Triplets- Bootstrapping Tactics

During the dawn of ecommerce I started the direct marketing efforts for a major consumer durables company. Getting customers is always the first step in a good bootstrapping scenario so I set out to test some online advertising. Banner advertising was state-of-the-art, so I put together a detailed outline for the creative design of a banner ad that I was sure would capture the hearts and minds of Internet shoppers across the US. The ad featured a variety of animations and catchy phrases. I identified about six different design companies and sent them the spec for a quote.

The prices came back ranging from about $2,500 at the low end to a little over $6,000 at the high end. It all seemed a little much, but what did I know? Before I pulled the trigger, however, I did a little more research and wound up getting the ad designed, exactly the way I wanted for $50. In the end I hired some teenager from New Zealand.

The lesson: keep looking until you find a price that makes sense. When bootstrapping a business you can easily get sucked into spending too much money on things. The activities of an entrepreneur are so diverse that you are bound to run into unknown territory before you know it. I had never paid anyone to design a banner ad so I had virtually no reference for how much it would cost. I did however, have a pretty good feel for what the going rate for a graphic designer was. At the time I thought $50-$100 was reasonable. Given that range the banner ad being proposed would have taken a skilled artist 25 hours at the low end and 120 hours at the high end. 120 hours is three weeks doing nothing but working on a banner ad. Even I, in all my glorious ignorance, thought that sounded excessive.

The problem with buying from a place of ignorance is that it is very difficult to get comfortable with what you have been asked to pay. In some cases a skill is so specialized and unique that it’s worth paying a premium. In other cases it is a simple task, like designing a banner ad, which may not be worth paying a premium.

In order to figure out what something should actually cost you will need a technique for establishing a baseline. Once you establish a baseline you can decide how much more or less you are willing to pay for more or less quality.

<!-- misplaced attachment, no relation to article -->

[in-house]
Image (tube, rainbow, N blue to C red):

The technique I use is quite simple and effective. I always try to find a set of triplets. Triplets are three vendors of similar size and scope that provide project quotes that are also similar. Here is how it works: first, develop a detailed outline of what you want. This could be a requirements document for a Web application or a detailed sketch and description of a new product. Next, research possible vendors and send the outline for a quote to three of them.

If the three quotes are similar you can rest assured that you have found a baseline price and can proceed with the vendor you like the best. If they are not similar send the outline to another vendor. Compare the new vendor to the others. The goal is to find at least three quotes that are similar (triplets). Keep adding vendors until you find three. Quotes well below the three similar quotes may be seriously lacking in quality (but not always). Quotes well above the three similar quotes may have a lot of padding in them.

When people understand your project and provide an honest quote it should look similar to other people who understand your project and provide honest quotes. Discrepancies between quotes can be due to a lot of things such as the experience and talent of the provider or the degree to which they understand your project. A few questions here and there should clear things up but triplets will provide the best proof of what a project should cost.


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